Forging a Fresco – with Alan Pascuzzi in Florence- last month Alan gave a couple of my friends a lesson in Fresco painting and I decided that it was high time that I had another go and joined in with this hugely enjoyable lesson.

the formula

In the first part of our workshop, Alan explains the chemical analysis of the lime paste that makes the whole thing work. I have to admit that this has always puzzled me in respect of the earliest frescos such as the

I have to admit that this has always puzzled me in respect of the earliest frescos such as the cave paintings in France supposedly created around 30,000BC.  We agreed that they must have stumbled on the formula by accident, because sure enough, they built their frescos to last in those days! 

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The next element of our lesson was to make a tracing of our chosen image – in this case, we were all trying to reproduce elements of Michelangelo‘s famous work on the ceiling of the Sistine Chapel .

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As usual, the heads alone are challenging enough, and it certainly makes life easier to be able to copy it onto tracing paper rather than having to copy a Michelangelo Godhead freehand!

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The next step is create the cartoon by punching holes in the tracing paper with a pin – making holes large enough for, spolvero, a coloured powder to go through.

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The cartoon is then transferred to the pre-prepared tile – covered in fresh fresco plaster, using the same “spolvero” method with a pounce bag full of powder, that would have been used by Giotto and his followers.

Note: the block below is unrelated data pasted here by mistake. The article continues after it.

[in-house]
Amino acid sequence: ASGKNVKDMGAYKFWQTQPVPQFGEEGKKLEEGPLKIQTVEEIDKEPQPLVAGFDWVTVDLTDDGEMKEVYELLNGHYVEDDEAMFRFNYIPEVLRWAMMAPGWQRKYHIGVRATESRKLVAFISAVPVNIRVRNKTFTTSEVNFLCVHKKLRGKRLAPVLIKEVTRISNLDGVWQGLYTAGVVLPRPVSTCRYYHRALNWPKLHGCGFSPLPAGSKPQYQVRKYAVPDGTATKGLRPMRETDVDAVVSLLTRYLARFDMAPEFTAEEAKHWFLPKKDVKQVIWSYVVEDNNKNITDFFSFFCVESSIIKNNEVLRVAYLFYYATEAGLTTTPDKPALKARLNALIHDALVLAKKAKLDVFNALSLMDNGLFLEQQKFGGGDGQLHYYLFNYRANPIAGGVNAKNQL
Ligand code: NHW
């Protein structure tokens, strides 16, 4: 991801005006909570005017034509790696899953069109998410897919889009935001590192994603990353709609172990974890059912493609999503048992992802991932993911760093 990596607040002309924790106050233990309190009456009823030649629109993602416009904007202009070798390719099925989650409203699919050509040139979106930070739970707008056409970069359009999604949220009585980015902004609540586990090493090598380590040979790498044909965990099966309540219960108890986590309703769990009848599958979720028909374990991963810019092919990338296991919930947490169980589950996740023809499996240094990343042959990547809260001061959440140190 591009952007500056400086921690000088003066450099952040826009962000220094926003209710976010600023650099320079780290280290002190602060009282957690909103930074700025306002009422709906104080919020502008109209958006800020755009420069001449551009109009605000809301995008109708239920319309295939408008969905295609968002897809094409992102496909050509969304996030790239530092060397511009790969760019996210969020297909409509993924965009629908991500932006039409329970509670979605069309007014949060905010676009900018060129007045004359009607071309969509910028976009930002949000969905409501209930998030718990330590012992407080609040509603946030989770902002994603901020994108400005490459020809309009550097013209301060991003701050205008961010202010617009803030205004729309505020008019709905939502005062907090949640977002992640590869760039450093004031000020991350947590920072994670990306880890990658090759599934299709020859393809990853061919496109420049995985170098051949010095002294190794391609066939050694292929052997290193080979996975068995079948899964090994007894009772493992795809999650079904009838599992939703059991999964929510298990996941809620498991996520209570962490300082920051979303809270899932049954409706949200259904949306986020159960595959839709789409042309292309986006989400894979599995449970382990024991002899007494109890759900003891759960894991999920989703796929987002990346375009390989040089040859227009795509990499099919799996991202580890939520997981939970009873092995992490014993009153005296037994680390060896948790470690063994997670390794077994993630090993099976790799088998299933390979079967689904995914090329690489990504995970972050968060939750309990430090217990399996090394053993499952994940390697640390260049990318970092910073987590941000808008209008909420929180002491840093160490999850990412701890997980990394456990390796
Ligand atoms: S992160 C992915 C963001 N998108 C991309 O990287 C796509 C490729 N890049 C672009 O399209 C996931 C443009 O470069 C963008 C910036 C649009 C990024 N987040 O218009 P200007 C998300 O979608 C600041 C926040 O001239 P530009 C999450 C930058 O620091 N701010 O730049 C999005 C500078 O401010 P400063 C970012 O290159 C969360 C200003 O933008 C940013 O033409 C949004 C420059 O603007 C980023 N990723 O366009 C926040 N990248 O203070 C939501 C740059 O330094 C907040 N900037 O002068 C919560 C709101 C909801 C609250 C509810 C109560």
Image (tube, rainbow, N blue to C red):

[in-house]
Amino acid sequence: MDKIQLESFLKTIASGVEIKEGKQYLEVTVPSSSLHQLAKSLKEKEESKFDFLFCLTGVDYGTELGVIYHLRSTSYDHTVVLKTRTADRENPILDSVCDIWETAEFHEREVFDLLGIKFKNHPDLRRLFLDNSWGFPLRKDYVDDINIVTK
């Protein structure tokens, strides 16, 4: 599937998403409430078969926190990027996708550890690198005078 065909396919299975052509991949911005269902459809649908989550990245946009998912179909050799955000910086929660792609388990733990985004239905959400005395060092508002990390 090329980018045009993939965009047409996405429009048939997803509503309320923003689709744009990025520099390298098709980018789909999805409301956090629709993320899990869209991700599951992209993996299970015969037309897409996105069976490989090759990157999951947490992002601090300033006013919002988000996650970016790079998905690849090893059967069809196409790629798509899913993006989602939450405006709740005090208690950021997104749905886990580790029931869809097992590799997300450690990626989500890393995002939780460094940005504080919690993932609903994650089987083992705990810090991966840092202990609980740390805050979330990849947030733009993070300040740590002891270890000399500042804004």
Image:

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Then comes a tricky bit of mixing up the correct colours and getting the paint in the right place – using the copy of the original as your guide with Alan always on hand to help.

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Andrea and Georgina also have images from the Sistine Chapel to paint from.

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The colours used are all naturally created , many literally converted from the Italian soil,  these include Yellow Ochre, a natural earth colour composed of clay and silica from Terra di Siena (earth of  Siena) and Red Ochre a natural pigment incorporating ferrous oxide in different stages of oxidation.

Burnt Umber, a mix of hydrated iron and manganese, literally comes from burning the earth of Umbria. Vine Black used to be produced from burning vine wood,  Ivory Black, originally created from burnt Ivory, is thankfully now made through burning animal bones.

White, made from dried lime paste reduced to a powder and then rehydrated for 8 days, is the most difficult colour of all to use. This is because it looks transparent when it is applied, but continues to whiten for up to two years after application, thus creating a very different – and not always desirable – effect, such as this recently restored fresco below where in my opinion St Andrew’s beard looks about as natural as that of a department store Santa Claus.

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Below are our productions for our “Giornate” our short day’s work – I hope to be able to get back up to Rome next year to re-visit the originals in the light of my increased understanding.

I don’t think we would get far passing them off as original works by the hand of Michelangelo but the beauty of these classes is in the learning – and in the opportunity for individual interpretation.

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So, my thanks again to Alan Pascuzzi for being an inspirational teacher and to Georgina Lee Maude and Andrea Hill for being such enthusiastic, and successful, students.

If you would like to try your hand at fresco painting in Florence – please do get in touch with me through this site – our next class starts at 10am on June 15th.

 

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